Gov. Chris Christie can't catch a break, but the repeated bi-partisan applause as he walked in for his state of the state address had to feel good to the embattled governor. During his remarks he started with Bridgegate and said the distraction will not stop his administration nor the legislature from doing their jobs.
The past week has been one that Christie will never forget.
The governor emphatically denied that he's a "bully," but what bully has ever stood up, looked in the mirror and admitted, "Yes, I bully people."
As Christie ran through his accomplishments during his state of the state address, you can't take away from him that he won his re-election bid in a landslide, but at what cost did he run up the score? When you're known for your brashness, even though you're popular with the voters, quietly a line of critics will get a lot longer with each person waiting for their payback opportunity, and that's what we are witnessing -- a pile-up. Christie's past, has finally caught up with him. One could make a strong case that Bridgegate is getting worse and not better, with a super-committee armed with subpoena power.
To be fair to the governor, he repeatedly claimed last week he didn't know anything about Bridgegate, but Christie's marathon news conference only intensified speculation. All across America, the question is being asked: "What did he know, (if anything) and when did he know it?"
If you believe Christie, his two top aides didn't tell him anything about bringing George Washington Bridge traffic to a crawl in September. But, considering the governor's aggressive personality, does his explanation pass the smell test, as a pattern is developing?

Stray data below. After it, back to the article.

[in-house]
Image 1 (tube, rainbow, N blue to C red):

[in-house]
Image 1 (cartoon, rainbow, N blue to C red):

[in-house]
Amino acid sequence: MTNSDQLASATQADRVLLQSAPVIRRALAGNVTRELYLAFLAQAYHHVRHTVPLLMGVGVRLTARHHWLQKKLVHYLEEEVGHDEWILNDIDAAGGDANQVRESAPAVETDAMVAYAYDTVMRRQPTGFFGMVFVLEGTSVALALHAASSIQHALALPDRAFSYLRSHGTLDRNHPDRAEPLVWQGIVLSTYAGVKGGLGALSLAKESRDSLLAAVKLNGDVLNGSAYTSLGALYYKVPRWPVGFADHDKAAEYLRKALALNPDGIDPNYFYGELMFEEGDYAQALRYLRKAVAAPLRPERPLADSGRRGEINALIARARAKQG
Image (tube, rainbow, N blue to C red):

Accounts have surfaced the Democratic mayor of Jersey City Steven Fulop, was apparently punished for not crossing party lines to endorse Christie's re-election bid and meetings the mayor had scheduled with commissioners of top New Jersey agencies were abruptly canceled. All canceled within an hour, the New York Times reports, directly by the commissioners.
And despite there was a lower bid, federal auditors have begun looking into Christie's use of Hurricane Sandy recovery money to pay for an expensive tourism marketing campaign last year starring him and his family.
With 2016 in mind, some Republicans continue to come to Christie's defense, like former NYC Rudy Giuliani, but pay close attention to Giuliani's words from ABC'sThis Week, Sunday. Giuliani said if it turns out Christie knew something, it could not only end his presidential run, but his entire career.
He's held a press conference; he's flatly denied it... If for some reason [Christie's denial] is not true, the man has put his political career completely at risk. If it turns out there's some evidence that he knew about it, he's taken a complete risk and his political career is over.
Yes, some Republicans see Christie as their best shot at the White House, but this is the same governor that remember Christie's keynote introduction of Mitt Romney at the RNC Convention where Christie mostly touted his own record, and didn't mention Romney until 16 minutes in. Or that Romney needed Christie's permission to raise money in New Jersey, according to the authors of the book Double Down: Game Change 2012.
As it relates to 2016, for the moment, put aside whether Christie is too moderate for the right. I have been to the diners in Iowa, and argue Christie's abrasive style won't play there, nor in New Hampshire or South Carolina.
Christie is the chair of the Republican Governor's Association. How many of those governors do you think want Christie to come to their states now on their behalf? The good news for Christie? The Superbowl is now only weeks away, and that may take the focus away from bridgegate. Maybe, for a little while.